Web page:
map	    map errors
	   stats    additional statistical information
	   user     non-fatal user errors
	   warn     warnings
	   warning  warnings

     nfs_retransmit_counter (numeric, default=110)
	   Same as the counter part of the -t interval.counter option to amd.
	   Specifies the retransmit counter's value in tenths of seconds.

     nfs_retry_interval (numeric, default=8)
	   Same as the option to amd.  Specify any logging options for amd.
	   Options are comma delimited, and can be preceded by the string "no"
	   to negate their meaning.  The "debug" logging option is only available
 if am-utils was configured with --enable-debug.  You can get
	   the list of supported debugging and logging options by running amd
	   -H.	Possible values are:

	   all	     all messages
	   debug     debug messages
	   error     non-fatal system errors
	   fatal     fatal errors
	   info      information
	   map	     map errors
	   stats     additional statistical information
	   user      non-fatal user errors
	   warn      warnings
	   warning   warnings

	   By default, amd tries version 3 and then version 2.	This option
	   forces the overall NFS protocol used to version 3 or 2.  It overrides
 what is in the amd maps, and is useful when amd is compiled
	   with NFSv3 support that may not be stable.  With this option you
	   can turn off the complete usage of NFSv3 dynamically (without having
 to recompile amd) until such time as NFSv3 support is desired
	   again.

	   Same as the part of the option to amd.  Specifies the number of NFS
	   retransmissions that the kernel will use to communicate with amd.

	   Same as the part of the option to amd.  Specifies the NFS timeout
	   interval, in of seconds, between NFS/RPC retries (for UDP only).
	   This is the value that the kernel will use to communicate with amd.

	   Amd relies on the kernel RPC retransmit mechanism to trigger mount
	   retries.  The values of the and the parameters change the overall
	   retry interval.  Too long an interval gives poor interactive
	   response; too short an interval causes excessive retries.

	   By default, amd tries TCP and then UDP.  This option forces the
	   overall NFS protocol used to TCP or UDP.  It overrides what is in
	   the amd maps, and is useful when amd is compiled with NFSv3 support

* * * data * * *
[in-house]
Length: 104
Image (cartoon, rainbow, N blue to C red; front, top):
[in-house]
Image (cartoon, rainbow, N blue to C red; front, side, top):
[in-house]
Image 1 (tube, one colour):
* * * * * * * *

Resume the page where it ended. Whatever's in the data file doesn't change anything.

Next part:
that may not be stable.  With this option you can turn off the complete
 usage of NFSv3 dynamically (without having to recompile amd)
	   until such time as NFSv3 support is desired again.

	   Same as the option to amd.  Specify an alternative NIS domain from
	   which to fetch the NIS maps.  The default is the system domain
	   name.  This option is ignored if NIS support is not available.

	   Same as the option to amd.  If "yes", then the name refereed to by
	   ${rhost} is normalized relative to the host database before being
	   used.  The effect is to translate aliases into ``official'' names.

	   Same as the option to amd.  Allows you to override the compiled-in
	   name of the operating system.  Useful when the built-in name is not
	   desired for backward compatibility reasons.	For example, if the
	   build in name is ``sunos5'', you can override it to ``sos5'', and
	   use older maps which were written with the latter in mind.

     osver (string, default to compiled in value)
	   Same as the -o option to amd.  Override the compiled-in version
	   number of the operating system.  Useful when the built in version
	   is not desired for backward compatibility reasons.  For example, if
	   the build in version is ``2.5.1'', you can override it to
	   ``5.5.1'', and use older maps that were written with the latter in
	   mind.

     pid_file (string, default=/dev/stdout)
	   Specify a file to store the process ID of the running daemon into.
	   If not specified, amd will print its process id only the standard
	   output.  Useful for killing amd after it had run.  Note that the
	   PID of a running amd can also be retrieved via amq -p.  This file
	   is used only if the print_pid option is on.

     plock (boolean, default=yes)
	   Same as the -S option to amd.  If ``yes'', lock the running executable
 pages of amd into memory.  To improve amd's performance,
	   systems that support the plock(3) call can lock the amd process
	   into memory.  This way there is less chance it that the operating
	   system will schedule, page out, and swap the amd process as needed.
	   This improves amd's performance, at the cost of reserving the memory
 used by the amd process (making it unavailable for other processes).